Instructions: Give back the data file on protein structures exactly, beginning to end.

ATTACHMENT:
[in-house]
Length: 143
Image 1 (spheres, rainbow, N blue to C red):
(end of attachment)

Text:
[in-house]
Length: 143
Image 1 (spheres, rainbow, N blue to C red):